The Test of Suffering

We’ve all heard it–this idea that when we’re suffering, it’s God testing us. That he sent our pain, our cancer, our circumstances, the death of a loved one, in some kind of sovereign refining plan. There are even hymns we sing that encourage this notion.

Which, I believe, could not be further from the truth. In fact, I find this idea so wrong and twisted that there are hymns I simply won’t sing at church. One of the greatest offenders, to me, is the hymn I Asked the Lord. One verse says this:

Lord, why is this, I trembling cried
Wilt Thou pursue thy worm to death? 
“Tis in this way” The Lord replied 
“I answer prayer for grace and faith”

Even typing this, I’m shaking my head. No. When I pray for grace and faith, God doesn’t rub his hands together and say, “great, now you’re going to hurt.” He does not pursue his ‘worm to death’ when I ask him for grace and faith. Instead, he draws near to his daughters and sons and walks with us through our suffering.

Does it sometimes feel like things in the world are pursuing me to death? Absolutely. But is God the cause? No. He is the remedy. He is the only one who can make that misery into something beautiful and productive. God doesn’t force me to drink a cup of suffering–Jesus already did that for me. No. God redeems my suffering.

I’m not going to make a huge argument here as to why I don’t believe that a healing God is also the hurter, and why I won’t sing about God bringing about pain to burn away our rough edges. Instead, what I want to meditate on today is this:

Suffering is a test–but not of us–of God.

Suffering is the hot iron that jolts us out of the day-to-day and forces us to ask all the big questions. Is God there? Does he care? What does this mean? How can he be good when he’s letting this happen? What promises has he actually made? What can I hold on to when everything is falling apart?

I think that God comes to our table of suffering eager to answer these questions. Eager to sit with us as we cry, and curse, and rage. Eager to simply be with us. Eager to listen, and comfort, and teach. Eager to make himself known.

In suffering, God invites us to put him to the test. The darkest place is the truest test of light–its existence, its brightness, its warmth. The saddest place is a test of God’s joy and peace. (Is is possible? It is enduring? Is it made of strong stuff?) The worst news is a test of God’s good news. (Is it better than the bad news? Is it so much bigger as to dwarf the bad news?)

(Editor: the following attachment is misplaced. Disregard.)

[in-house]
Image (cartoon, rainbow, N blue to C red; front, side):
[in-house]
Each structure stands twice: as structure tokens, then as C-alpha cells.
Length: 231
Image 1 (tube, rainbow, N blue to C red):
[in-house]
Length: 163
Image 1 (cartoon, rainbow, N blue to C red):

Suffering is a test.

And God has already told us the outcome: He will pass the test. But he will subject himself to it time and again, because through it he proves himself to us. Makes himself known. Over . . . and over . . . and over.

Through suffering, things that we believed can become things we know. Because they are tested. Through suffering, things we hoped before can be proved true. Because they are tested.

God, in his mercy, takes our strands of suffering and uses them. He takes destructive things like cancer and uses them to build things–relationships, love, faith. He takes the otherwise meaningless and imbues it with meaning. He didn’t cause the suffering, but he has committed himself to make it worth it.

Can you imagine that? An economy of grace where God has promised to use evil for good? A God who’s not just getting rid of evil, or even erasing it, but using it? Who twists it to his purpose? Who uses it in my life as a test of Himself, by which I can know him more?

Whatever the outcome of Heidi’s cancer, I know I’ll be able to say,

When Heidi had cancer, I met God.

That is a victory worth singing about.

Hallelujah for the victory

One of my touchstone songs during these months of grappling with Heidi having cancer has been Danny Gokey’s Haven’t See It Yet.

I know–it’s total Christian pop. YES. And I love it, unapologetically. This song in particular feels like it was written for me.